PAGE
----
For most Crappie fishermen, catching Crappie in the Winter is something that is just impossible. Many fishermen believe that Crappie can not be caught at all during the colder months. This just isn't so! Crappie have to feed during the Winter just like they do any other time of year. They're fish, not Bears. They don't hibernate!
The nice thing about Winter Crappie fishing is once you find the pattern on a given body of water, they will normally hold that same pattern for many days, sometimes weeks. Of course, a storm front may shut them down for a day or so, but generally they'll come right back, hungry as ever!
In most lakes at this time of year, Crappie can almost always be found hanging around deep brush on submerged river or creek channels. Vertical bluff-type structure, and manmade brushpiles in deep water are also excellent areas to find Winter Crappie.
It's true that Winter Crappie spend most of their time hanging around brush located along deep drop offs. But not always. Several days of warmer than normal weather can cause Crappie to move up to within a foot or so of the surface. It may also cause them to leave their deep water hangouts and move across shallow flats.
Make sure you use the right tackle for Winter Crappie fishing.
Don't make the same mistake of using the same tackle to catch Winter Crappie as you did back in the Summer or Spring. Think light for Crappie fishing in the Winter. Four pound test line, 6 or 7 foot ultralight rods and small baits is what will fill you live well. When the temperature drops, Crappie want smaller baits.
I like to use a light graphite spinning rod, four pound test line and small tube jigs or minnows to locate deep water Crappie holding in brush. My set up includes a 3/8ths weight tied to the bottom of my line with two drops space about 12 to 18 inches apart above the weight. This way, I'm able to "feel" my way around those deep brush piles.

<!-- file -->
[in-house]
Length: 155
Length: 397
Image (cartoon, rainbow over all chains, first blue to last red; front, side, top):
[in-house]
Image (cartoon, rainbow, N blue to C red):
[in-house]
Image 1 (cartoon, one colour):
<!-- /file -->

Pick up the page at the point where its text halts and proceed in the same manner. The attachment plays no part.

When looking for Winter Crappie, my other terminal tackle includes small jigs, spinners and minnows. I use 2 to 4 pound test line. If using minnows, I'll use a #6 Tru Turn gold aberdeen hooks. Jigs or ice fishing spoons should be in the 1/32 and 1/64 ounce area. Crappie don't like large baits during the Winter, I'm not sure why but I've always caught more with small baits than with big baits and heavy line.
Don't overdo your jigging during the Winter. Crappie won't chase down your offering, so move it very little and make it easy for them. One successful tactic I routinely use is to just do nothing with my jig. Sometimes just holding it motionless is all it takes. If you must move it, move the line ever so slightly with your index finger and keep the rod still.
So don't sit at home waiting for the Crappie fishing to heat up during the spawn. Some of the most reliable fishing for Crappie is right now!
Billy Bob lives in Louisiana and considers hunting and fishing the only sport for real men. When he's not paddling his pirot through the swamps hunting gators or deer hunting, you can find him out on the lake Crappie fishing. Billy Bob loves being out on the water and teaching others how to catch Crappie as well as other panfish.
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